Since September 1994, the Ministry of Labor and Social Affairs has been required to certify that there are no qualified Saudis for a particular job before it can be filled by an expatriate worker. In addition, the Ministry of Interior must approve all transfers of expatriate workers from one firm to another. On the other hand, bloc visas are normally available for unskilled and some skilled workers recruited abroad.
Saudi labor law forbids union activity, strikes, and collective bargaining. However, there is no forced or compulsory labor; any required overtime, over and above the usual five and one-half to six-day week, is compensated normally at time-and-a-half rates. The minimum age for employment is 14. The Saudi Government does not adhere to the International Labor Organization Convention protecting workers' rights. Saudis generally prefer to invest in labor-saving technology rather than utilize foreign labor when given the choice.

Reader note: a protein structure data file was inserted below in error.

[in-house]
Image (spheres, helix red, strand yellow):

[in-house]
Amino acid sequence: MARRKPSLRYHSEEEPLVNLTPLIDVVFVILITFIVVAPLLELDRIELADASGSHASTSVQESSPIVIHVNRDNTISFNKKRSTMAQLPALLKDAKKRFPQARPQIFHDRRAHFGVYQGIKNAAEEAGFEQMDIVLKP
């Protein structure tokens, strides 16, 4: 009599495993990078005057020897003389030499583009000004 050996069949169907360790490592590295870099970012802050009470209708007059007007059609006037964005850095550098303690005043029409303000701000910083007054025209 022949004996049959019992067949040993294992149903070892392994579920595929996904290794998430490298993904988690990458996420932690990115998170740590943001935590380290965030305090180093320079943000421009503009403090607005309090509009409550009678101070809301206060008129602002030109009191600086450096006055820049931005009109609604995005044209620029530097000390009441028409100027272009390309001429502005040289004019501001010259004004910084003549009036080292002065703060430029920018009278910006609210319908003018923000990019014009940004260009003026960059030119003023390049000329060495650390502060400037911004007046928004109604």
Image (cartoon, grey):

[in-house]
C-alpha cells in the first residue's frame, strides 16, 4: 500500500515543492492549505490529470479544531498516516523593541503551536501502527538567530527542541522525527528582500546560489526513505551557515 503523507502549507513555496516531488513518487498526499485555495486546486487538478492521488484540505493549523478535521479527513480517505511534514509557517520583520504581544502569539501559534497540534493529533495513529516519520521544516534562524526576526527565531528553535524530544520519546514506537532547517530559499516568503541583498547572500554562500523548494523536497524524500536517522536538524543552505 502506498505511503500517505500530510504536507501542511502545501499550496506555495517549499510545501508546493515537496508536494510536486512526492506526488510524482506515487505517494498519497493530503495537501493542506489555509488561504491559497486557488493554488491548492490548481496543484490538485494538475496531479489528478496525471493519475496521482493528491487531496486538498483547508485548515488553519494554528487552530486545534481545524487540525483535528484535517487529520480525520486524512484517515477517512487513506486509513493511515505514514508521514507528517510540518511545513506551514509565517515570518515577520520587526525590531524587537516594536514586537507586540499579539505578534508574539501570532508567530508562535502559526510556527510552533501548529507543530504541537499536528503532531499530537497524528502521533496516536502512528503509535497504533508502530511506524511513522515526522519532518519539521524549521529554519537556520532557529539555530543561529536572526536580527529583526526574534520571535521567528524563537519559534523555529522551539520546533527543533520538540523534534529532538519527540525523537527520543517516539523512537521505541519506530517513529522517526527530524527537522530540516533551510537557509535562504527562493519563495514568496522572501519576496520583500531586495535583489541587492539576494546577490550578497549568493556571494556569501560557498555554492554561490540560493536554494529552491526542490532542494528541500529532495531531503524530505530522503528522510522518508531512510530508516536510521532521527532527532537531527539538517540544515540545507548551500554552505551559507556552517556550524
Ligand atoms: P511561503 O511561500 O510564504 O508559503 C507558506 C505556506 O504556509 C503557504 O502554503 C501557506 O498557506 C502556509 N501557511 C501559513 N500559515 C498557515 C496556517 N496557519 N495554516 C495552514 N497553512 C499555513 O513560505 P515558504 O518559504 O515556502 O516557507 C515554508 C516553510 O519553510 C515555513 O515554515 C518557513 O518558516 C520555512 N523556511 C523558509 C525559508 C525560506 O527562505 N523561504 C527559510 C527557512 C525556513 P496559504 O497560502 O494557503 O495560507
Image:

Foreign Trade Zones/Free Ports Saudi Arabia does not have duty-free import zones or freeports. It has begun to permit transshipment of goods through its ports in Jeddah and Dammam.
Major Foreign Investors
Investment (US$ billions, except where noted):
1995(E) 1996(E) 1997(E)
- Total Foreign Direct Investment 13.3 14.5 15.0
- U.S. Direct Investment 5.5 6.7 7.0
- Percent Share of Total Foreign Investment (percent) 41.3 46.2 46.7
Major Foreign Investors
U.S.A., Japan, United Kingdom, Switzerland, France, Germany
Source : Ministry of Finance and National Economy; Saudi Arabian Monetary Agency (SAMA); International Monetary Fund; U.S. Department of Commerce; U.S. Embassy estimates; Ministry of Industry and Electricity